Saturday, August 25, 2012

Abstract Again

It seems like I always come back to very abstract work.  The genetic paintings became very painful toward the end.  My system was giving me terrible images to work with and making me paint them again and again.  I felt the need for a little freedom so I painted a self portrait to break free from the system.  Then I started some more paintings that went back to networking lines together.  I find that I love clean and crisp things that are layered in with more painterly elements.  I really like some of the results.  Here is a link to check them out.

Genetic Paintings Part 2

My genetic paintings were somewhat successful.  Some of them aren't ugly, others I've already painted over.  You can check out some of the paintings and the system I used for finding images here.

Thursday, June 21, 2012

Genetic Paintings

Recently I have been doing some reading about complex systems. This has motivated me to make artworks that illustrate or are based on complex systems or complexity science. After looking at artists with similar interests I discovered that the basic ideas I wanted to communicate have been addressed in depth by other artists, i.e. Philip Galanter. I’ve been looking at generative and rule-based art that is built from ideas such as cellular automata and genetics. My challenge is to represent some of these ideas in original ways. Specifically I’ve been brainstorming genetic artworks where subsequent pieces are built from the “genes” of parents, using the same visual material. Most of the artworks I’ve viewed that respond to complex systems and generative art are fairly cold and formal. Many of them are created using computers. Although I have no problem with digital art and will probably incorporate some digitally created imagery, I’d like these pieces to show more of my hand in the work. I’d also like to avoid artworks that completely lack representational elements.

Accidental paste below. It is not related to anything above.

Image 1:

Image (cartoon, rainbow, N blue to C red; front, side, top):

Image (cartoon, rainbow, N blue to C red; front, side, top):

I’ m hoping my work will be appropriate for a show I’m participating in this Fall. The show, curated by Namon Bills, is called E Pluribus Unum and is a political show responding to the extreme partisan nature of our government. Namon contacted me about this show after I had begun working on ideas for genetic paintings. E Pluribus Unum which means “from many, one” is a great unifying theme for my genetic paintings which will evolve an artwork over the course of generations.

I plan to execute 26 11”x118” works on panel. I will use acrylic, ink, toner transfer, and colored pencil on gessoed panel. Each week I will make four new pieces. At the end of the week I’ll select which two pieces are the most aesthetically “fit” from that generation. Those two pieces will become the parents of the next generation. Each generation will be a combination of the visual elements present in the parents picked from the preceding generation. The final series will be displayed all together and organized by generation.

Monday, April 2, 2012

Whiteboards and the Darwinian Theory of Beauty

This is a TED Talk by Denis Dutton where he discusses what he calls a Darwinian theory of beauty.  The ideas he brings up about beauty are interesting and even compelling although they certainly don't tell a complete story.  

Tuesday, March 27, 2012

Changing Education Paradigms

I'm currently working on a masters degree in art education and I've been thoroughly enjoying my classes.  Here is a fascinating RSA animation on changing education paradigms.  This idea goes hand in hand with many concepts I've been studying.  If you've never seen one of these animations then you should definitely check it out.  The style of visual communication in this video is just as compelling as the ideas presented.

#7 - Conclusion

Art in its most meaningful sense is a classification in the mind that allows the viewer to perceive a disclosure of something in a work. This revelation is truth. Successful art is determined by the presence, importance, quality, or quantity of the truth.

Monday, March 26, 2012

#6 - Commodity, Cult or Ritual Value, and Other’s Opinions

In this series I attempt to express my views on art as they have been influenced by the philosophers I have studied. Although many of the ideas are directly connected to the ideas of these philosophers, it is often the case that my use of their concept is not quite in harmony with what they were originally claiming.